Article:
As well as being a great tool for cleaning data, OpenRefine can also be used to good effect when you need to wrangle a dataset into another shape. Take this set of local election results published by the Isle of Wight local online news blog, onthewight.com:
There’s lots of information in there (rank of each candidate for each electoral division, votes cast per candidate, size of electorate for the division, and hence percentage turnout, and so on), and it’s very nearly available in a ready data format – that is, a data format that is ready for reuse… Something like this, for example:
Or how about something like this, that shows the size of the electorate for each ward:
So how can we get from the OnTheWight results into a ready data format?
Let’s start by copying all the data from OnTheWight (click into the results frame, select all (ctrl-A) and copy (ctrl-c); I’ve also posted a copy of the data I grabbed here*), then paste the data into a new OpenRefine project:
* there were a couple of data quality issues (now resolved in the sheet published by OnTheWight) which relate to the archived data file/data used in this walkthrough. Here are the change notes from @onTheWight:
_Corrected vote numbers
Totland - Winning votes wrong - missed zero off end - 420 not 42
Brading, St Helens & Bembridge - Mike Tarrant (UKIP) got 741 not 714
_Votes won by figures – filled in
Lots of the ‘Votes won by figures’ had the wrong number in them. It’s one of the few figures that needed a manual formula update and in the rush of results (you heard how fast they come), it just wasn’t possible.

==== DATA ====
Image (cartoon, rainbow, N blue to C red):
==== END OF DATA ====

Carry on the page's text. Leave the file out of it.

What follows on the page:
‘Postal votes (inc)’ line inserted between ‘Total votes cast’ and ‘Papers spoilt’
Deleted an empty row from Ventnor West
The data format is “tab separated”, so we can import it as such. We might as well get rid of the blank lines at the same time.
You also need to ensure that the Parse cell text into number/dates… option is selected.
Here’s what we end up with:
The data format I want is has a column specifying the ward each candidate stood in. Let’s start by creating a new column that is a copy of the column that has the Electoral Division names in it:
Let’s define the new column as having exactly the same value as the original column:
Now we start puzzling based on what we want to achieve bearing in mind what we can do with OpenRefine. (Sometimes there are many ways of solving a problem, sometimes there is only one, sometimes there may not be any obvious route…)
The Electoral Division column contains the names of the Electoral Divisions on some rows, and numbers (highlighted green) on others. If we identify the rows containing numbers in that column, we can blank them out… The Numeric facet will let us do that:
Select just the rows containing a numeric value in the Electoral Division column, and then replace those values with blanks.
Then remove the numeric facet filter:
Here’s the result, much tidier: